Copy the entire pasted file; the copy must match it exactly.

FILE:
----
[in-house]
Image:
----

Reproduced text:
[in-house]
Image: